( quadratic3.py )     
It outputs: 1.0 -4.0

2.6  If and else

For a quadratic equation, solutions exist only under certain condition, i.e
     If determinant D ≥ 0, solutions are given by Eq. (2.4)
This can be implemented using an if statement:
quadratic-if.py
# Solving ax^2 + bx + c = 0
from math import *

a = 1
b = 3
c = -4
D = b*b-4*a*c # determinant

if D >= 0:
    # indented lines below executed only if expression is true
    x1 = (-b + sqrt(D)) / (2*a) # 1st root
    x2 = (-b - sqrt(D)) / (2*a) # 2nd root
    print (x1, x2)
print ("End of execution")
( quadratic-if.py )     
It outputs:
1.0 -4.0
End of execution
Explanation
The syntax of the if statement is
Syntax
if <condition>:
    statement

Alternatively, we can say:
     If determinant D ≥ 0, solutions are given by Eq. (2.4), else no solution exists.
This can be implemented using an if-else statement:
quadratic-if2.py
# Solving ax^2 + bx + c = 0
from math import *

a = 1
b = 3
c = -4
D = b*b-4*a*c # determinant

if D >= 0:
    # indented lines below executed only if expression is true
    x1 = (-b + sqrt(D)) / (2*a) # 1st root
    x2 = (-b - sqrt(D)) / (2*a) # 2nd root
    print (x1, x2)
else:
    print ( "no solution" )
( quadratic-if2.py )     
Syntax
if <condition>:
  statement
else:
  statement

2.7  While loop

Very often, we have to repeat similar actions many times, e.g. outputting 0,1,2, .. N−1 to the screen. The following program uses a direct approach for N=5:
noloop.py
print (0)
print (1)
print (2)
print (3)
print (4)
( noloop.py )     
However, for large N, it is tedious to type in the program. The following version is slightly better because it can be entered by simple copy and paste actions:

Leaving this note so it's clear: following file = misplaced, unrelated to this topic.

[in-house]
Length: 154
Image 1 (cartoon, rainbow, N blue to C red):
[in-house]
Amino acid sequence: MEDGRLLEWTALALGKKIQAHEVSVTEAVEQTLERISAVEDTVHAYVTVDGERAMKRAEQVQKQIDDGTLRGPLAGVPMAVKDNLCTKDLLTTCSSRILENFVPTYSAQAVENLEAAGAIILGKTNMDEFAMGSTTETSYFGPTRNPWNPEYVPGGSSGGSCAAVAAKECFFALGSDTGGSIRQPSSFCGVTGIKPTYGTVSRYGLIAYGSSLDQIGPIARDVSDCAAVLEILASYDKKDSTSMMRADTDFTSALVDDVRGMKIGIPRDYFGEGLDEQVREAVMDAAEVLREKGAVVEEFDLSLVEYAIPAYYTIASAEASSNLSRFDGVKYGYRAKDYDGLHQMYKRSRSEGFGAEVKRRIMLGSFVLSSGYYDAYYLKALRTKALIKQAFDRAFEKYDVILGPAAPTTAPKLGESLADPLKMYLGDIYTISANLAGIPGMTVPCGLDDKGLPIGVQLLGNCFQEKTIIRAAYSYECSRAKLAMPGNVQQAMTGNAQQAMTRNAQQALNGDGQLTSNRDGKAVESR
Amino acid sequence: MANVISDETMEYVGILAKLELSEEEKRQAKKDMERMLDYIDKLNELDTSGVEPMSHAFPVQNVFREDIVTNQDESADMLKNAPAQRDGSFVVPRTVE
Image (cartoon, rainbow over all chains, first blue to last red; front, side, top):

noloop2.py
i = 0 

print (i)  # i = 0
i = i+1   

print (i)  # i = 1
i = i+1

print (i)  # i = 2
i = i+1

print (i)  # i = 3
i = i+1

print (i)  # i = 4
i = i+1
( noloop2.py )     
Explanation
i = i+1
assign the value of i+1 to the variable i,    i.e. i ← i+1. For example, if i is initially 0, after execution, i becomes 1.
Observing that the same statement "print (i); i = i+1" is repeated 5 times, we can instead use a loop construction, e.g. the while loop:
whileloop.py
i = 0; 
while i < 5:
    print (i)  
    i = i+1   
( whileloop.py )     
Explanation
while
the indented statements below will be executed repeatedly while the condition is true.
Syntax
while <condition>:
    statement

Tracing a program (i.e. running a program line-by-line)
Using OnlineGDB, type in the whileloop.py program. Then,
  1. to start line-by-line program execution, click "Debug"
  2. to execute one line of the program, click "step over".
  3. look at the value of the variable "i" under "Local Variables" on the right panel. See it changes as you click "step over" a few times.
Advantages of Looping
Calculate the factorial n! of n defined by
n! = 1 ×2 ×3 .... ×n
(2.5)
The following program uses a direct approach
factorial1.py
# direct approach to calculate 5! (factorial of 5)
x = 1 * 2 * 3 * 4 * 5
print (x)
( factorial1.py )     
which can be improved to
factorial1a.py
x = 1

i = 1; x = x * i # x=1  
i = 2; x = x * i # x=1.2
i = 3; x = x * i # x=1.2.3
i = 4; x = x * i # x=1.2.3.4
i = 5; x = x * i # x=1.2.3.4.5

print (x)
( factorial1a.py )     
where ";" allows us to put more than one command in a single line. It can be further improved to
factorial2.py
x = 1
i = 1

x = x * i; i = i + 1 # x=1  i=2
x = x * i; i = i + 1 # x=1.2  i=3
x = x * i; i = i + 1 # x=1.2.3  i=4
x = x * i; i = i + 1 # x=1.2.3.4  i=5
x = x * i; i = i + 1 # x=1.2.3.4.5  i=6

print (x)
( factorial2.py )     
A better way is to use the while loop:
factorial-loop.py
# using while-loop to calculate n! (factorial of n)
n = 5
x = 1
i = 1
while i <= n:
    x = x * i
    i = i + 1
print (x)
( factorial-loop.py )     

2.8  Debugging approaches

Bugs and debugging
Mistakes in computer source codes are called bugs. The process of identifying and correcting the bugs is called debugging.
Types of bugs
Syntax errors (i.e. compiler errors, or build errors):
The grammatic rules of Python is not followed, e.g. use of unassigned variable, errors due to a missing colon, etc. (Easy)
Logical errors: